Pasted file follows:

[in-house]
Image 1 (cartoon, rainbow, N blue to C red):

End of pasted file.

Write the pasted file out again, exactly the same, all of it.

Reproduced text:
[in-house]
Image 1 (cartoon, rainbow, N blue to C red):